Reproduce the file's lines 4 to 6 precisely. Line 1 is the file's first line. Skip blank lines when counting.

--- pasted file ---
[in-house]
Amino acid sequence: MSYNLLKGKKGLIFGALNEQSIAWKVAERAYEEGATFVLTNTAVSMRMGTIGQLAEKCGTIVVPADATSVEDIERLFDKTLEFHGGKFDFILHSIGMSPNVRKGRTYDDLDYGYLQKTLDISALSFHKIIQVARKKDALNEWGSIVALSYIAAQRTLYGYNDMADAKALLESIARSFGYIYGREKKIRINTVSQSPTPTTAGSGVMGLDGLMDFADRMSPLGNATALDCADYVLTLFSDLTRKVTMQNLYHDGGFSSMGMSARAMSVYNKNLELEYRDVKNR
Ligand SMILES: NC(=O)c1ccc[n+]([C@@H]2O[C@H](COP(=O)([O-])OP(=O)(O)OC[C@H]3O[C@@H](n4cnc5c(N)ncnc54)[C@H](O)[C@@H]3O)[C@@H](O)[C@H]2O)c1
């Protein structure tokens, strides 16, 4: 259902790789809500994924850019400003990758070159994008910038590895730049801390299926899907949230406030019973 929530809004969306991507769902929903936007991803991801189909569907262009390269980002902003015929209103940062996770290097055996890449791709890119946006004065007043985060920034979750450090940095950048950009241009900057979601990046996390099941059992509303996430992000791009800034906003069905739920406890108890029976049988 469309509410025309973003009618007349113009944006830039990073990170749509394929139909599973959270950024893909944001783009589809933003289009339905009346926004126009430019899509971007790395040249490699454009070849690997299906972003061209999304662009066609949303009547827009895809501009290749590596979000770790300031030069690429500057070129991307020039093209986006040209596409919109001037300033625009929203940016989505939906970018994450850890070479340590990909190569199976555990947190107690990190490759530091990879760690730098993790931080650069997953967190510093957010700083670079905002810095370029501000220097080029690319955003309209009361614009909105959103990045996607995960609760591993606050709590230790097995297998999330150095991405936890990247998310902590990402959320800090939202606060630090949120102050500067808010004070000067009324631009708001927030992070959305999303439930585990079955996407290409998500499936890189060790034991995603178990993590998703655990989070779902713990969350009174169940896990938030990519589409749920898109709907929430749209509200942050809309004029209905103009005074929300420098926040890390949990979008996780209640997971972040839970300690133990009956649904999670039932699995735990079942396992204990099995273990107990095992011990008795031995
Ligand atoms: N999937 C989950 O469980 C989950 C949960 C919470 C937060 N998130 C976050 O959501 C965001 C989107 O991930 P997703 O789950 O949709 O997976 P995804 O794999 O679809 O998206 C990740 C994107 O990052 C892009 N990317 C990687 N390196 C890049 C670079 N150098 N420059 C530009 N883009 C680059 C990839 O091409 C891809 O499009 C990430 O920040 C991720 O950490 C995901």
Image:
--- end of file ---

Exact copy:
């Protein structure tokens, strides 16, 4: 259902790789809500994924850019400003990758070159994008910038590895730049801390299926899907949230406030019973 929530809004969306991507769902929903936007991803991801189909569907262009390269980002902003015929209103940062996770290097055996890449791709890119946006004065007043985060920034979750450090940095950048950009241009900057979601990046996390099941059992509303996430992000791009800034906003069905739920406890108890029976049988 469309509410025309973003009618007349113009944006830039990073990170749509394929139909599973959270950024893909944001783009589809933003289009339905009346926004126009430019899509971007790395040249490699454009070849690997299906972003061209999304662009066609949303009547827009895809501009290749590596979000770790300031030069690429500057070129991307020039093209986006040209596409919109001037300033625009929203940016989505939906970018994450850890070479340590990909190569199976555990947190107690990190490759530091990879760690730098993790931080650069997953967190510093957010700083670079905002810095370029501000220097080029690319955003309209009361614009909105959103990045996607995960609760591993606050709590230790097995297998999330150095991405936890990247998310902590990402959320800090939202606060630090949120102050500067808010004070000067009324631009708001927030992070959305999303439930585990079955996407290409998500499936890189060790034991995603178990993590998703655990989070779902713990969350009174169940896990938030990519589409749920898109709907929430749209509200942050809309004029209905103009005074929300420098926040890390949990979008996780209640997971972040839970300690133990009956649904999670039932699995735990079942396992204990099995273990107990095992011990008795031995
Ligand atoms: N999937 C989950 O469980 C989950 C949960 C919470 C937060 N998130 C976050 O959501 C965001 C989107 O991930 P997703 O789950 O949709 O997976 P995804 O794999 O679809 O998206 C990740 C994107 O990052 C892009 N990317 C990687 N390196 C890049 C670079 N150098 N420059 C530009 N883009 C680059 C990839 O091409 C891809 O499009 C990430 O920040 C991720 O950490 C995901």
Image: